If you are facing criminal charges, this means that the prosecution believes they have strong evidence against you. Nonetheless, you are entitled to challenge this evidence in court.
Law enforcement have numerous powers at their disposal during the investigation of crimes. They can interview witnesses, gather incriminating material and much more. In other words, they collect evidence. Despite their powers, law enforcement also must adhere to rules and regulations. They must act within the confines of the law when investigating cases.
It’s possible that some or all of the evidence against you might be tainted. What do we mean by tainted evidence?
Unlawful searches and seizures
The Fourth Amendment of the U.S. Constitution protects you from unlawful searches and seizures. This means that law enforcement can’t simply stop you on the street for no reason and conduct a search. They can’t pull you over when you’re driving for no reason and rummage through your vehicle. They are also not, in most cases, allowed to enter your home without obtaining your permission or having a valid search warrant. If police officers obtain evidence without following these rules, then that evidence is considered tainted, and it could be ruled inadmissible by the court.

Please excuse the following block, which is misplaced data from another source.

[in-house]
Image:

The Fifth Amendment of the U.S. Constitution protects individuals from being forced to make self-incriminating statements. You may choose not to answer their questions until you have legal representation. If law enforcement makes you feel threatened until telling them what you think they want to hear, then this is a coerced statement, which is inadmissible as evidence.
Tainted evidence can form a crucial part of your defense, but you’re going to need to prove that the evidence is illegitimate. Having legal guidance behind you will give you the best possible chance of being successful in your case.